PETALING JAYA: In a targeted budget that still prioritised spending to keep economic growth up, the Pakatan Harapan government has pledged to restore the country’s finances.
At the same time, the government will make sure that the people can get better jobs, higher wages, and have more money in their pockets.
This was the gist of Pakatan Harapan’s maiden budget, which Finance Minister Lim Guan Eng tabled at the Dewan Rakyat yesterday.
He said the country’s finances, which had been damaged by the previous administration, can be restored in three years as long as the government remains clean, people-centric and focused on carrying out reforms.
“Let our love for our country unite us, our challenges make us stronger and our confidence awaken Malaysia as an Asian Tiger all over again,” said Lim, referring to the country’s strong economic position in the early 1990s which earned the country such a nickname.
In his two-and-a-half-hour speech, Lim outlined the country’s spending plan for next year.
The spending proposals dispelled concerns that it will be an austerity budget and instead looked to reset many of the foundations of the country by prioritising reforms, spending for the new economy while taking care of those in need.
Themed “A Resurgent Malaysia, A Dynamic Economy, A Prosperous Society”, the 2019 Budget is divided into three focus areas containing 12 key strategies.
The three focus areas are implementing institutional reforms, ensuring socioeconomic well-being of Malaysians and fostering an entrepreneurial economy.
Lim said the worrying financial position inherited from the previous government due to a RM1 trillion debt, due to the 1Malaysia Development Bhd (1MDB) scandal and many lopsided projects such as the RM9.6bil Trans Sabah Gas Pipeline and the Multi-Product Pipeline where RM8.3bil was paid despite less than 10% of the construction being completed.
“This is the high price that Malaysians have to pay as a result of becoming a global kleptocracy,” Lim said, adding the Prime Minister has also asked Malaysians to be ready and prepared for sacrifices for the nation in order to restore the country’s fiscal health.
The fiscal consolidation was evident in the Budget and there will be new laws to ensure spending in the future will be efficient and transparent.
“We shall implement institutional reforms that promote transparent fiscal discipline which will not only prevent repeats of such malfeasance, but also ensure overall macroeconomic stability and the sustainability of our economic growth,” he said.
There was spending on important segments like education and health, but Lim too spoke of the need for cost management and getting the bang for the buck from budgetary allocations.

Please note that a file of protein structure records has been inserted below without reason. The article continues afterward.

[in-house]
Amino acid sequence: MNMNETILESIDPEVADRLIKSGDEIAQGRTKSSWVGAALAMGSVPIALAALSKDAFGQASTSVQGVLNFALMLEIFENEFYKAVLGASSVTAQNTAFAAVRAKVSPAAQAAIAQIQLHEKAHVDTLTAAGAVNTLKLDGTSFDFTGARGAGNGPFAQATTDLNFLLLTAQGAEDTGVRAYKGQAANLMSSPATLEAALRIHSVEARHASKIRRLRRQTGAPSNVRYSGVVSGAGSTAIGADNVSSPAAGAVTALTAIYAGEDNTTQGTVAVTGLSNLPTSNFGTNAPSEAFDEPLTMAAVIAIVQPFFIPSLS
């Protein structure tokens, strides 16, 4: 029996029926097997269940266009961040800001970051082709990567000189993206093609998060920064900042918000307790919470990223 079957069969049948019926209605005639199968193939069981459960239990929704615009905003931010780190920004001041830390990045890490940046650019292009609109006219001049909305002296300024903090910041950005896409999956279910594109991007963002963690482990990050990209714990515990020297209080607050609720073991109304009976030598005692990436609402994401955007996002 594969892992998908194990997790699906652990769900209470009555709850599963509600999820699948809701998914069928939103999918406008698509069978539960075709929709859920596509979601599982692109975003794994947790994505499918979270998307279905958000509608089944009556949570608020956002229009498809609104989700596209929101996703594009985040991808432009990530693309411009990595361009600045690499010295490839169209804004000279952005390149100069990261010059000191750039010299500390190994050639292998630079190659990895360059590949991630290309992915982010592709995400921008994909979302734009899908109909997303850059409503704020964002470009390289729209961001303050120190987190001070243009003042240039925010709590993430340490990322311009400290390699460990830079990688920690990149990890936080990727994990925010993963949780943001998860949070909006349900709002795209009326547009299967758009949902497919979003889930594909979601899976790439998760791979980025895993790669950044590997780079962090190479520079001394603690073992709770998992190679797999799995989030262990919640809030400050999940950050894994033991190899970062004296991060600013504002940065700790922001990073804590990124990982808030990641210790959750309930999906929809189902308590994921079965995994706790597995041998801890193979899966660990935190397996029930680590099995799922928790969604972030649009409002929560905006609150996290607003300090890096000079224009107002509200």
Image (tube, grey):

One example of such a manner was the review of contracts where the government looked to shave around 10% from RM19bil worth of contracts that have already been signed.
Understanding the need for the country to be competitive, large allocations were also made to foster the digital economy while Lim too spoke on the need for the government to get less involved in business to not crowd out the private sector for business opportunities.
The bottom 40 got the bulk of the focus from the government when it came to delivering goodies where they could benefit.
Measures include putting more cash in the pockets of the needy by having flat rate transportation fares and also to get more affordable housing being built and having those that need such dwelling to own a home.
Lim said there was no doubt that the new Malaysia under the leadership of Tun Dr Mahathir Mohamad has caught the imagination of the rakyat and the world.
A good sign of external confidence in the Prime Minister and Malaysia, said Lim, was the offer by the Japanese government to guarantee 200 billion yen (RM7.4bil) of 10-year bonds at a low indicative coupon rate of 0.65%.
Lim thanked the Japanese government for guaranteeing the bond, which will be issued before March next year, and also paid tribute to Malaysians who continue to work and believe in each other despite their racial and religious backgrounds and differences.
Referring to the individuals involved in the 1MDB and other financial scandals left behind by the previous government, Lim said they must return the stolen money and should receive severe punishment.
“Now, Malaysians dare to dream again of our country that belongs to the people and that the future of our children will never be stolen again,” he said.
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